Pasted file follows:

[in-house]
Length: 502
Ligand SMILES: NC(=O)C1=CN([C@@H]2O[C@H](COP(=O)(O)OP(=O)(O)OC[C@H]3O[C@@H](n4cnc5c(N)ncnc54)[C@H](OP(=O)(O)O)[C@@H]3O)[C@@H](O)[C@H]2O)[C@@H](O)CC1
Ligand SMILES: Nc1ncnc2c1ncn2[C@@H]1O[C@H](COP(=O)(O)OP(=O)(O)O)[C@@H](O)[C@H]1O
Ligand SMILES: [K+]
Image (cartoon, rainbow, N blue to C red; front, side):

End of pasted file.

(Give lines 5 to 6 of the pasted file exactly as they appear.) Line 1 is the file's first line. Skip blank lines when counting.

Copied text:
Ligand SMILES: [K+]
Image (cartoon, rainbow, N blue to C red; front, side):